This essay will hopefully be the first post in a series (II, III) covering some of the basics of how things in the past, particularly in the ancient world, were made. This isn't a how-to guide (we're not going to go into that much depth) but instead intended as a window into the many tasks … Continue reading Collections: Bread, How Did They Make It? Part I: Farmers!
This is the long-awaited first part of a series taking a historian's look at the Battle of Helm's Deep from both J.R.R. Tolkien's The Two Towers (1954) and Peter Jackson's 2002 film of the same name. We're going to discuss how historically plausible each sequence of events is and, in the process, talk a fair … Continue reading Collections: The Battle of Helm’s Deep, Part I: Bargaining for Goods at Helm’s Gate
Hey guys, this is just a really quick post to address a question I've seen lurking around thinking about my previous post on the logistics of the loot-train battle. No pictures today, just some quick text on the topic. A lot of readers were throwing up question-marks on how I was figuring marching speeds. I … Continue reading New Acquisitions: How Fast Do Armies Move?
We're going to talk about the comically nonsensical logistics of the "Battle of the Goldroad" from Game of Thrones (S7E4), commonly just called the 'Loot Train battle.'
This is the seven (and last!) part of our seven part series (I, II, III, IV, V, VI) look at Sparta in popular memory and historical truth. Last time we talked about Sparta's battlefield record and came away noting that it was profoundly, disappointing average. Longer term readers will know, of course, that we can't … Continue reading Collections: This. Isn’t. Sparta. Part VII: Spartan Ends
Today, in Part II of our three part series on War Elephants, we're going to look at the drawbacks of war elephants. Last time (here), we discussed the factors that made war elephants so powerful on the battlefield. To recap: war elephants had a strong psychological element (they are very scary) and could drastically disrupt … Continue reading Collections: War Elephants, Part II: Elephants against Wolves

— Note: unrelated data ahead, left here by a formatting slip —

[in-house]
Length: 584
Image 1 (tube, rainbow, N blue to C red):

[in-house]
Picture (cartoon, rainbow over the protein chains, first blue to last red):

Last week, we looked at a model for what the countryside around an 'ideal city' might look like. Today we're going to introduce some complications to that model (you will recall, our ideal city existed in a perfectly flat plain of uniform fertility) and see how they change the patterns of land use which in … Continue reading Collections: The Lonely City, Part II: Real Cities Have Curves
This week and next, we're going to look at an issue not of battles, but of settings: pre-modern cities - particularly the trope of the city, town or castle set out all alone in the middle of empty spaces. Why does the city or castle-town set amidst a sea of grass feel so off? And … Continue reading Collections: The Lonely City, Part I: The Ideal City
This is the sixth and final part of a six part series taking a military historian's look at the Siege of Gondor in Peter Jackson's adaptation of Return of the King. You can find the other parts linked here (I, II, III, IV and V). This time, we are going to look at how the … Continue reading Collections: The Siege of Gondor: Part VI: Black Sails and Gleaming Banners
The following is the third part of a three part series where we look at the question "how medieval is Game of Thrones?" and - if not the Middle Ages - what period of European history does Game of Thrones most draw from? This part will look at the political (and to a degree) economic … Continue reading New Acquisitions: How It Wasn’t: Game of Thrones and the Middle Ages, Part III